1 Figure 3-11: Industrial Production Indices (Index 2007=100) 2 3 4 5 6 7 8 9 10 11 12 13 14 Despite the growth in industrial output (62 percent) and the overall U.S. economy (83 percent) from 1990 to 2015, CO 2 emissions from fossil fuel combustion in the industrial sector decreased by 1.6 percent over the same time series. A number of factors are believed to have caused this disparity between growth in industrial output and decrease in industrial emissions, including: (1) more rapid growth in output from less energy-intensive industries relative to traditional manufacturing industries, and (2) energy-intensive industries such as steel are employing new methods, such as electric arc furnaces, that are less carbon intensive than the older methods. In 2015, CO 2, CH 4, and N 2O emissions from fossil fuel combustion and electricity use within the industrial end-use sector totaled 1,378.2 MMT CO 2 Eq., a 2.9 percent decrease from 2014 emissions. Residential and Commercial Sectors Residential and commercial sector CO 2 emissions accounted for 6 and 4 percent of CO 2 emissions from fossil fuel combustion, CH 4 emissions accounted for 43 and 12 percent of CH 4 emissions from fossil fuel combustion, and N 2O emissions accounted for 2 and 1 percent of N 2O emissions from fossil fuel combustion, respectively. Emissions Energy 3-17

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    a Emission estimates reported in th

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    Previous Estimated Emissions from S

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    Emissions (w/o Plunger) (MT) 372,28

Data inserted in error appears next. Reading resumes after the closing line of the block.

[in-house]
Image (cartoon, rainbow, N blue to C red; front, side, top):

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    Reciprocating Compressors 64,413 64

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    CO2 206.8 189.9 172.9 169.6 171.5 1

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    2012 13.8 13,785 2013 14.0 14,028 2

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    1 2 3 MMT CO 2 Eq. (10,828 kt) (see

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    1 Table 4-89: CO2 Emissions from Zi

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    Note that the relative uncertainty

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    + Does not exceed 0.05 MMT CO2 Eq.

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    Land Converted to Forest Land (92.0

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    Other Lands Converted Grassland Min

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    New Mexico 70,608 52,250 12.0 0.263

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    C Storage Factor, Proportion of Ini

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    2013 321 10,536 2014 323 10,613 201

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    a Miscellaneous includes TSDFs (Tre

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    Enteric Fermentation NC NC + NC + (